The theme of growth is prevalent in both The Epic of Gilgamesh and also The Complete Persepolis. We see Mari grow as from a young girl to a woman in a Revolutionary time, dealing with hardships and struggles, but in the end coming out as a strong woman. We see Gilgamesh grow from an over confident, leader who we do not necessarily admire in some aspects, in the end he learns many life lessons and becomes a better.  

This piece reminded me somewhat of the relationship between Gilgamesh and Enkidu and how it develops. Toward the end of Ekidu life its amazing how much he has taught the almighty Gilgamesh and we see Gilgamesh grow in character and become more honorable. I think Enkidu's last words to Gilgamesh are quite powerful and affected Gilgamesh a lot. "I who endured all hardships with you, remember me, my friend, don't forget all I went through!" (VII, 251).
This reminded me of Gilgamesh at his lower point. Relating to life, sometimes we have to go through rough times to grow as a person and come out on top. Gilgamesh gets through this and in the end makes it through his inner battles. "'why are your cheeks so hollow, your face so sunken, your mood so wretched, your visage so wasted? Why in your heart does sorrow reside, and your face resemble one come from afar?' " (X, 40-44).
This reminded me of Gilgamesh walking through his city that he created powerful and mighty but really was he honorable? We see him grow as the Epic concludes in character becoming more noble. "Gilgamesh the tall, magnificent and terrible, who opened passes in the mountains, who dug wells on the slopes of the uplands, and crossed the ocean, the wide sea to the sunrise;" (I 36-40).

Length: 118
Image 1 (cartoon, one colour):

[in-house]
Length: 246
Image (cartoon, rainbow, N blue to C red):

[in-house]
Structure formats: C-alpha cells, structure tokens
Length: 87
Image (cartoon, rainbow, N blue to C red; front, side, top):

This piece made me think of Enkidu and Gilgamesh slaying Humbaba and how this journey helped them both grow and that they both learned from it. "'Smite him again, slay his servant alongside him!' Gilgamesh heard the word of his companion. He took up his axe in his hand, he drew forth the dirk from his belt." (Ish 18-21)
I found this image to be interesting because the young woman's hair is showing, which was a very controversial thing for Marji during her time in the Revolution. We saw he battle with this as she grew from a young girl into adulthood. "Why is it that I, as a woman, am expected to feel nothing when watching these men with their clothes sculpted on but they, as men, can get excited by two inches less of my head-scarf?" (Satrapi, 297)
This reminded me of what it could have been like for the people of Iran protesting in the streets. In the situation below we see Marji battle with trying to stand up for what she believes is write and by making her mark. This is a sign of growth for her as a youth during this time. "We had demonstrated on the very day we shouldn't have: on 'Black Friday.' That day there were so many killed in one of the neighborhoods that a rumor spread that Israeli soldiers were responsible for the slaughter." (Satrapi, 39)
You can almost see the pain in this woman's eyes. This woman reminded me of Marji and the hard times and trials she went through while in Vienna, and also adjusting to coming back home. I believe she grew a lot as a young woman in Vienna, trying to find who she was. Her breakup with Markus really was her rock bottom in Vienna as she became homeless, in the end she came out of it a stronger person. "I had no family or friends. I had counted on this relationship for everything. The world had just crumbled in front of my eyes." (Satrapi, 233).
The battle of garb for Marji was a never ending one. I believe as she grew as a person she began to understand it but never to accept it. It was hard for her to have to question every day was she appropriate or safe to leave the house. "The regime had understood that one person leaving her house while asking herself: Are my trousers long enough? Is my veil in place? Can my makeup be seen? Are they going to whip me?" (Satrapi, 302).
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